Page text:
Kitchen Customization Ideas

Mom had a flood in her kitchen.  By flood, I mean standing water flowing free down her galley style kitchen and out into the dining room.

In other words, Mom is getting a new kitchen.  And since she is the supportive mom that she is, wanted my “expert opinion” when it came time to figure out what she wants in her new dream space.

I don’t necessarily live in the nicest part of Atlanta, but the area is prime with kitchen and bath showrooms.  Granite slabs?

Just a street away.  (‘Scuse me, drooling as I type)

You can probably imagine that I was giddy at the chance to spend an afternoon oggling fantasy kitchen displays.  While few of these features will ever make it into the Ugg-Duck for budgetary reasons, I caught glimpses of how designers are using new tricks to pack a kitchen full of customizable options.  Armed with my iPad (I never seem to bring my camera on outings where it should be obvious to bring it along), I snapped pics for Mom to later use in her inevitable sales pitch to my dad (like most guys, he needs a visual).

Dowels:  Most kitchens I’ve seen only have one base cabinet with drawers and the rest are standard doors.  But if given the choice, I think drawers are much more practical for everyday storage and use.  I love the idea of using a drawer with dowel spacers to organize plates (however, my mishmash of plates vary in size and would look pretty pitiful sitting in such a customized drawer).  Guess it’s an excuse to get some nice ones (my personal favorites are the Pottery Barn caterer’s plates).

Another dowel customization I saw is a slim cabinet spot with dowels for drying hand towels.  Not my favorite and looked like it was wasting valuable space, but a twist nonetheless.  I have a narrow cabinet like this and use it to store cookie sheets.  So easy!

Hidden, Maximized Space Use:  I’m not sure when kitchen designers decided that all kitchens should have hidden compartments, but if I had to guess, I think it was after watching Mr. & Mrs. Smith.  I can’t say I blame them; even I would cook more if I had a sneaky way to get to my oregano.

Slip n’ Slide:  In addition to hidden compartments, everything in a customized kitchen appears built to get to the back of things.  Drawers and shelves slide out; Lazy Susans are aplenty.

For base cabinets storing lesser used appliances (for example, a mixer), the entire shelf could slide up and out to sit in front of the counter.  This would allow one to use the mixer, clean up, put it back, and never even dirty the counter (though let’s face it:  if it’s a mixer and it’s my kitchen, flour is getting everywhere).

I thought it was also clever to build a cabinet in the same way we’ve built modern refrigerators – where the doors hold extra shelves for storage.  The only downside to this is every time I opened this cabinet, I expected to get a chill.  Guess it would take some getting used to.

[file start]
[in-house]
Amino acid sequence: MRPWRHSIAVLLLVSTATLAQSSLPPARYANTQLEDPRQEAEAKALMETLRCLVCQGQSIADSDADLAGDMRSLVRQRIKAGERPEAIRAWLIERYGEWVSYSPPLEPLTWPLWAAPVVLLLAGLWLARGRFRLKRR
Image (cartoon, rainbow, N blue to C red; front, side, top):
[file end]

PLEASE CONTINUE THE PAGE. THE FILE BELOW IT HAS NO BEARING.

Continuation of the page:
Mom fell in love with the idea of larger tile as a kitchen backsplash.  I thought it would remind me a little too much of my bathroom floors.  But the simple lines on the sink?  Definitely something for the Ugg-Duck.

Open:  Getting kitchens to look more open and airy seemed to be popular.  Mom fell in love with these produce baskets.  I’m on the fence, but I can see why it would appeal to her.

Still, out of all of these ideas, my favorite part of the trip was walking around the slabs of granite.  After speaking with one of the reps, I learned that you can identify granite from India since materials quarried from that region “all look like they have rivers flowing through them.”  I also learned I will steer clear of any granite with extreme leopard-like spottiness.  Looks too much like mold for me to consider it for a surface where I prepare food.

As I’ve mentioned before, the Ugg-Duck isn’t getting many pricey upgrades because of the neighborhood (recouping those costs in the sale of the home is not a sure thing, so I am choosing a less expensive but still attractive option like butcher block), but it made my brain tingle with ideas of what my next home might have Mom’s kitchen might look like.  All in all, a very enlightening (and energizing) afternoon.

Since Mom is using me as her design guide (which I’m thrilled about doing), I plan to share any of the discovery steps of her kitchen makeover with you as we go.  I probably won’t have a new kitchen by the end of summer (I’m just going to be happy to get the guest bathroom finished before my birthday), but at least someone will!

Have you been to any showrooms lately?  What was your favorite part?  Got any new kitchen ideas after seeing these?  Love to hear ‘em.

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Comments

  1. says

    Sarah,

    I, like you, wanted granite badly but didn't have the means to do it. One of the “Bargain outlets” up here sells 6' granite slabs for $150-200 a piece. I bought 3 of them, cut them to size (its tricky, but can be done by a DIYer; however, they're heavy). I got away w/ everything for just over $600. I can email you pictures if you're interested?

    Another alternative that is very cost effective ($300-500) is granite tile countertops. If done w/ minimum grout lines, they can look solid until closely inspected. My parents had gone this route, and the grout lines are not a pain like I would have thought.

    -Kevin

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